It’s time for some cool maps. Over the next few weeks we’ll be posting on the interesting geographic patterns we see in our local income tax data. Today we’ll start with a map showing the types of families living in different neighborhoods.
The map below shows that in 2013 (the most recent year for which we have data), childless singles dominated almost all neighborhoods. They made up especially large shares of taxpayers close to downtown, in places like Logan Circle, Shaw, U Street, Chinatown, and Dupont Circle. The only neighborhoods in which childless singles weren’t the dominant group were those east of the Anacostia River. There, singles with dependents (known as heads of household for tax purposes), were the most common family type. Singles with dependents made up larger shares of neighborhoods east of Rock Creek Park than those west of the park, with the exception of some neighborhoods in the heart of downtown. Married people—both with and without dependents—were most common in upper Northwest neighborhoods like AU Park, Spring Valley, and Friendship Heights.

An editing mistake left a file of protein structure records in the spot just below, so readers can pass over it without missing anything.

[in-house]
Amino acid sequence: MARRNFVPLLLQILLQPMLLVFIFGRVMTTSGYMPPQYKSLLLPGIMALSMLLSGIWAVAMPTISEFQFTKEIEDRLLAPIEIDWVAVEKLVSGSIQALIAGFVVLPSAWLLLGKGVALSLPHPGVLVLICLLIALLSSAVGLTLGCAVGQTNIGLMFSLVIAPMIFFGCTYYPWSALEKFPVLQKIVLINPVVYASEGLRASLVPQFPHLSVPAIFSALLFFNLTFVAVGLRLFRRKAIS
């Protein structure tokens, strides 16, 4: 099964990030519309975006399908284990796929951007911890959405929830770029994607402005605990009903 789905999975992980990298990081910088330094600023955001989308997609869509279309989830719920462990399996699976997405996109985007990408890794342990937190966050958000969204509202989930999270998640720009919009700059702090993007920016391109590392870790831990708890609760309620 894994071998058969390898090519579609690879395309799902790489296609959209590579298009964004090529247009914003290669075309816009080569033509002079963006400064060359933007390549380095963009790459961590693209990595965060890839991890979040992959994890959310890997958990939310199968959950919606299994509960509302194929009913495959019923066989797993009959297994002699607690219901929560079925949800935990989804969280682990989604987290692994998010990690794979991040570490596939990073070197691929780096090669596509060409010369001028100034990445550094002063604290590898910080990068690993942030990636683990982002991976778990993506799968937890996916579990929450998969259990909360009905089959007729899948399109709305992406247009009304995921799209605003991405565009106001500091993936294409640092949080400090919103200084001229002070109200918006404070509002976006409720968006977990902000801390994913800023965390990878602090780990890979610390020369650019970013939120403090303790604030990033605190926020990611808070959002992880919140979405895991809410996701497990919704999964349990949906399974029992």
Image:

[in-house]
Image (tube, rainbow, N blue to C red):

For our analysis we excluded certain types of filers, like domestic partners and people filing as dependents, to get a clearer picture of what’s happening with more common family configurations. More details on methodology are below the map.
In an upcoming post we’ll look at how the types of families have shifted within the city since 2002.
What exactly is this data? For our analysis we excluded all filers outside of the groups in the map. “Single with dependents” refers to people filing taxes as a head of household with dependents. “Childless singles” refers to people filing as single with no dependents. “Married” refers to people filing as married on the same tax return. We used data from 2012 tax returns. Because people list on their tax forms the address from which they’re filing, we believe most of the addresses on 2012 tax year forms would reflect where people were living in 2013.